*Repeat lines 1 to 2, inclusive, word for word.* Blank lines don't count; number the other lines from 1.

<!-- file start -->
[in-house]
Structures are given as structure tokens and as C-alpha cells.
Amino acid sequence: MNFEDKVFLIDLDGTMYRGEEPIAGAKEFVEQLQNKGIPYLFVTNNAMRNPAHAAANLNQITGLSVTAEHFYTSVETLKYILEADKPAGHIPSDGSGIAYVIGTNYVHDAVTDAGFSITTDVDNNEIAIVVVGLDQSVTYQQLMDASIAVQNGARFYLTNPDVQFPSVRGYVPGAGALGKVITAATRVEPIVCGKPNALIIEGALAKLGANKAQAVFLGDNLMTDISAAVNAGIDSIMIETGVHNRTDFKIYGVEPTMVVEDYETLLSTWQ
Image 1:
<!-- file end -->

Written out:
[in-house]
Structures are given as structure tokens and as C-alpha cells.